If it Comes to War, Can the US Compete With China?

China is building an island. It may be the kind of thing you do when you’re a rapidly growing economy, but in this case it’s also the thing you do when you want to make a territorial claim on parts of the Pacific Ocean your neighbours also claim. In this case, China is building an island complete with airstrip in waters claimed by Vietnam and the Philippines.

It’s just the latest chapter in the Big Book of China Being Dickish, and in case you’ve just jumped into this book, the Council on Foreign Relations has a handy map for all of the competing territorial claims China is making in the Pacific against basically every nearby country with sandy beaches.

It may not sound like it, but it actually is a coincidence that the major Pacific powers just wrapped up one of the major annual conferences on security matters in the region, where Japanese Prime Minister Shinzo Abe accused China of “aggregating one fait accompli after another.” American commentary, like that of Ely Ratner in the Wall Street Journal, suggests America take a more confrontational stance with China in places where the rising power is throwing its weight around.

In short, there remain a number of ways that things could go badly in the Pacific. The biggest thing we have going for us, for now, is that most everyone who’s actually in charge agrees it would be insane to start shooting over rocks that barely rise higher than the waves on a good day. But governments don’t last forever, and patience is not a long-term plan.

So what would a supremely bad set of days look like? I think Robert Farley has a thorough rundown of the interests of China and the US in a possible shooting war: the US would be trying to make things as painful as possible for China to remove any offensive capability and possibly destabilize the Chinese government, while the Chinese would try to disrupt the US-led alliance system in the Pacific.

One of Farley’s points that people should probably dwell on is how, even if things go well for the US, any lucky shots the Chinese manage to get in will be enormously more costly for the US than for China. While Chinese factories and shipyards could replace Chinese losses in short order,

The United States may have a harder time replacing losses, and not only because US warships and aircraft cost more than their Chinese counterparts. The production lines for the F-15 and F-16 are near the end, and the US no longer produces F-22. Moreover, US shipbuilding has declined to the point that replacing significant war losses could take a very long time.

If, for example, the Chinese manage to sink a US aircraft carrier with one of its ballistic missiles, as a steady stream of alarmist articles has spent a decade warning against, that carrier is unlikely to be replaced very quickly, if at all. This puts the US at a structural disadvantage in any conflict with China: whatever harm China causes the US is likely to be long-term or even permanent, while any harm the US causes China is likely to be temporary.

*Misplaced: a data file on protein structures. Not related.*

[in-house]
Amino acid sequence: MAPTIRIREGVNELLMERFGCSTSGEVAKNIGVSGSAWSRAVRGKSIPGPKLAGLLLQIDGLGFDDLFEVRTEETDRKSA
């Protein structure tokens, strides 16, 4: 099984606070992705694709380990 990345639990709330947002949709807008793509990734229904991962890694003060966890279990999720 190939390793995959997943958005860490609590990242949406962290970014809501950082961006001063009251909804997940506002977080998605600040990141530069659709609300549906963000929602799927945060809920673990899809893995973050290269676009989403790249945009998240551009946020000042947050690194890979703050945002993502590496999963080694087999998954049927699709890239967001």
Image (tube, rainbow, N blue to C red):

To spell out the increasing time costs of large weapon systems a bit more explicitly: the USS Enterprise that retired in 2012 began construction in 1958 and was in service by early 1962. The next Enterprise is currently expected to begin construction in 2018 but not enter service until 2027. And that assumes the Navy figures out the bugs that are plaguing the newest model carrier.

It’s all very daunting, but it begs the question of US industrial capacity. That is, it assumes the level (or more accurately, the efficiency) of military spending we’ve seen to date is the best the US can do, and that the US couldn’t, in a crisis, get much better at building things that go boom or are meant to make other people go boom.

But just as the next major-power war is going to look like nothing we’ve ever seen before, so will the home front. That we’ve gotten used, in the last decade, to fighting wars while arguing about whether everyone or just the very rich should get tax cuts says nothing about the merits of marginal tax rates, but quite a bit about how seriously we’ve taken our wars.

A war with China (or any other major power) won’t allow us the luxury to choose whether to take it seriously or not, and the kinds of costs it will impose on us won’t allow us the luxury of simply going away and calling it victory, like we’re doing in Afghanistan. This, in case it’s not obvious, is why war with China should be avoided.

The other scenario, then, is that the military-industrial complex is as fat and lazy as we assume it is, but that it would quickly get into a fighting trim if a crisis called for it. In one sense, this is good news for the US: losses in a fight with China could be replaced and the Pacific status quo could be maintained. The bad news is that this realistically just means we need to discuss the possibility of a first and second shooting war between the two giants of the global economy.

Since one war would be a disaster and a second one would be at least as bad, we return to square one: hoping the people who realize how crazy it all is continue to keep a lid on things, until China’s rise can be accommodated without violently disrupting the status quo. Seventy years after D-Day and a century after the start of World War I, we should be sobered by the fact that we don’t have a great history of this.

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